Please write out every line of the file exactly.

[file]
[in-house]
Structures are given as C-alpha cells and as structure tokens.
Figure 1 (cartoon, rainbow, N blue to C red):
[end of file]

[in-house]
Structures are given as C-alpha cells and as structure tokens.
Figure 1 (cartoon, rainbow, N blue to C red):